Avengers: Endgame: Are overpowered characters a problem for storytelling?


Do Joe and Anthony Russo’s challenges with utilizing Captain Marvel in Avengers: Endgame show why it’s difficult to use overpowered characters?

During an interview with CinemaBlend, Avengers: Endgame directors Joe and Anthony Russo discussed what makes storytelling for nearly god-like characters such as Captain Marvel so difficult.

Joe Russo told them:

"“It’s always a concern of ours about overpowering characters, because the reason that people relate to these characters is their humanity, and that they’re flawed. And the reason we love working so much with Captain America was that he was limited, and his heart was his superpower, you know? So we’re all acutely aware of the dangers of having an overly powerful character. [But] we like sensitive storytelling, so… we found a thoughtful way through it.”"

Anthony Russo added:

"“That’s what kind of fires us up, I think, on a storytelling level, to be honest with you. Because when you do have powerful characters, you have to work that much harder to find their vulnerabilities and complexities. And Joe was mentioning on a storytelling level… and keep the stakes high! Because that’s where those characters are vulnerable. And actually, that makes for great drama, and you run in that direction. As storytellers, that’s been one of the most fun things we’ve had working with these characters is figuring out ways into them where they are vulnerable and they aren’t all powerful.”"

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This is in line with what they said about another extremely powerful character, Superman, during an interview with Business Insider in December:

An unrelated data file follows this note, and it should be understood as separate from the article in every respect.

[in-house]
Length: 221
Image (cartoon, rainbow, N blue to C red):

"“He’s a very difficult character,” Joe said. “You have to find an emotional flaw or weakness in the character in order to make them vulnerable.”"

Does having powers like Captain Marvel or Superman truly make it difficult to tell a story? And does being so powerful take away from their humanity?

When you’re bulletproof like Superman and nearly indestructible like Captain Marvel, finding foes that have any chance to defeat them may seem difficult ,but it has been done many times in the comics since the 1930s for Superman and the 1960s for this iteration of Captain Marvel.

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But what challenges them is not just enemies that find ways to exploit Superman’s vulnerability to kryptonite or Carol’s vulnerability to magic, but finding ways to use their abilities that allow them to keep their moral compasses. Being powerful isn’t what makes them vulnerable or invulnerable, it’s their hearts.

Captain Marvel cares about saving people just as much as Captain America. She has friends, loved ones, and a strong conviction to protect them and everyone else. The only difference between her and him is that she’s just a bit stronger, more indestructible, and, yeah, can fly and shoot energy beams.

But those powers don’t make Captain Marvel less vulnerable, in fact, it may actually make her more so. She and characters like her have the added challenge of knowing they have these incredible abilities and that they have to be responsible with them. Captain Marvel isn’t more challenging to write for, it’s just a different kind of challenge.

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We’ll find out exactly how the Russo Brothers will handle Captain Marvel when she arrives on the scene for Avengers: Endgame when it’s released on April 26th, 2019.